BT reorganises its retail operations into consumer and business divisions

Summary:BT is splitting its major division into two to focus on consumers and businesses, though this involves merging BT Enterprises — aimed at big businesses — with the one aimed at SMEs.

BT Sevenoaks building with logo
Photo credit: BT

BT Retail, the main customer-facing part of BT, is being reorganised with four divisions being consolidated into two: BT Consumer and BT Business. BT Consumer's main job will be "driving broadband-based consumer services" in competition with Sky, Virgin Media and TalkTalk. BT Business will aim at "being the brand for business for UK SMEs", among other things.

The change will take place on September 1 when the current head of BT Retail, Gavin Patterson, takes over from Ian Livingston as BT Group Chief Executive.

Two of BT Retail's current businesses — BT Enterprises and BT Ireland — will be merged into BT Business, headed by Graham Sutherland. This will include BT Conferencing, BT Payphones, BT Directories, BT Fleet, BT Redcare, BT Expedite and Fresca, and BT Tikit. However, BT Wi-Fi (launched as Openzone) and the consumer part of BT Ireland will be moved to the Consumer division, BT says.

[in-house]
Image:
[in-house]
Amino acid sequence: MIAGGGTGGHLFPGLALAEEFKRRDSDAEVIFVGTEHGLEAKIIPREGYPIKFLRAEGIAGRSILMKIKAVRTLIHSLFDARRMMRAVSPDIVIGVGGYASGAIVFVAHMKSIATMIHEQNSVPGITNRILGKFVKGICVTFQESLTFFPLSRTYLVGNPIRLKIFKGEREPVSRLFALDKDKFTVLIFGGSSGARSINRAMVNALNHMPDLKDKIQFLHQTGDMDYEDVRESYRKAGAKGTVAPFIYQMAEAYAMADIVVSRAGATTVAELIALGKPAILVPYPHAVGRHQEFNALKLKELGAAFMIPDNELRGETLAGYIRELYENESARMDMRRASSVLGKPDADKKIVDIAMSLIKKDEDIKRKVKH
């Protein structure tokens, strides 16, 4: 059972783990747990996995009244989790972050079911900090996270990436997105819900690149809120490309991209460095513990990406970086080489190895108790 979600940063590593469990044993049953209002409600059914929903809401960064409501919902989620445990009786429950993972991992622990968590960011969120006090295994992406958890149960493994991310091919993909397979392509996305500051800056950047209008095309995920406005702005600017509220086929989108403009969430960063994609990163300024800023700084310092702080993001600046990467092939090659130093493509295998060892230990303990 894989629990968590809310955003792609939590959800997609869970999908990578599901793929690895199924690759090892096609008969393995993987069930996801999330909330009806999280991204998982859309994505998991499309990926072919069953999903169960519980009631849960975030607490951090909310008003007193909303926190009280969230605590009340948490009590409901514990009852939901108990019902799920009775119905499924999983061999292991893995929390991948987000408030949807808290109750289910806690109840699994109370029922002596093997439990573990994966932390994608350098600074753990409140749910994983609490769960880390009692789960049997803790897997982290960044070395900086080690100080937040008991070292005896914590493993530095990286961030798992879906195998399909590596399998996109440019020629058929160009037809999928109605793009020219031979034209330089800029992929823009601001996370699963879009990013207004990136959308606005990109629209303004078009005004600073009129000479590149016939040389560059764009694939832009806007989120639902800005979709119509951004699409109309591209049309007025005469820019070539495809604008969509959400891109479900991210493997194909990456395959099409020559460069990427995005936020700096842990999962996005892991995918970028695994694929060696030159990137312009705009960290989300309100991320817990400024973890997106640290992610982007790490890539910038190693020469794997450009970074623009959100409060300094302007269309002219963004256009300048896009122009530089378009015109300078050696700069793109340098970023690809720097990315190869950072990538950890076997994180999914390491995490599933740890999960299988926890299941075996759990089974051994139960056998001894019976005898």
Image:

BT Retail accounted for almost 40 percent of BT's group revenues last year, but results from the new divisions will not be split out until the next financial year. However, BT Consumer will be investing heavily in 4G mobile communications and BT Sport, which is spending £738m on live Premier League football rights to battle Sky.

BT Business's phone books and payphones seem rather dull in comparison, but perhaps Sutherland can come up with some innovations to excite business buyers. The plan to offer FTTP (Fibre To The Premises) with 300Mbps downstream and 20Mbps upstream speeds, announced on July 10, could certainly be part of an attractive offering.

BT Retail is currently one of BT's four main divisions, the others being BT Global Services, BT Wholesale, and Openreach. BT Wholesale provides services, such as ADSL broadband, that other companies resell under their own names. Openreach is the operations division that was split off at the behest of Ofcom, the UK's telecommunications regulator. It is intended to provide the same level of service to BT customers and to customers of third-party resellers, though BT Retail is by far its biggest customer.

Topics: BT

About

Jack Schofield spent the 1970s editing photography magazines before becoming editor of an early UK computer magazine, Practical Computing. In 1983, he started writing a weekly computer column for the Guardian, and joined the staff to launch the newspaper's weekly computer supplement in 1985. This section launched the Guardian’s first webs... Full Bio

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